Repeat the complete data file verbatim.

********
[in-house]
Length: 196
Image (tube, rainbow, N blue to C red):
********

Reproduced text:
[in-house]
Length: 196
Image (tube, rainbow, N blue to C red):